About the Area

The Angeles National Forest was established by Executive Order in December 1892. It covers nearly 700,000 acres and is the backyard playground to the huge metropolitan area of Los Angeles. The Angeles National Forest manages the watersheds within its boundaries to provide valuable water to southern California and to protect surrounding communities from catastrophic floods.

The land within the forest is as diverse in appearance and terrain as it is in the opportunities it provides for enjoyment. Elevations range from 1,200 to 10,064 feet. Much of the forest is covered with dense chaparral which changes to pine and fir-covered slopes as you reach the majestic peaks of the higher elevations.

The Angeles National Forest offers natural environments, spectacular scenery, developed campgrounds and picnic areas, swimming, fishing, skiing and the solitude of quiet wilderness areas. Trails winding throughout the forest accommodate hikers, equestrians, mountain bikers, and off-highway vehicle enthusiasts. Please visit our Visitor Guide for more information.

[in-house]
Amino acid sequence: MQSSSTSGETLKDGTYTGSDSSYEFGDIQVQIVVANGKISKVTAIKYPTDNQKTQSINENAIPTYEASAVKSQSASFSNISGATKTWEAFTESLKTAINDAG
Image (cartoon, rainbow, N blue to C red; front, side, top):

The Angeles National Forest is the ancestral and traditional homelands of the San Manuel Band of Mission Indians (Serrano), Fernandeño Tataviam Band of Mission Indians (Tataviam), Gabrieleno - San Gabriel Band of Mission Indians (Tongva), Gabrieleno Kizh (Kizh), Tejon Indian Tribe (Kitanemuk, Yokuts, and Chumash), and Ventureño Chumash (Chumash).  Over decades, these Tribes have maintained and continue their connection and relationship with their ancestral lands to this day.

We honor America’s first inhabitants and the Tribal Nations that continue to thrive and who maintain their connections with Forest Service managed lands. The Forest Service would like to recognize the invaluable contributions and resilience of Indigenous peoples, their inherent sovereignty, and recommit to honoring the Federal Government’s trust and treaty obligations to Tribal Nations.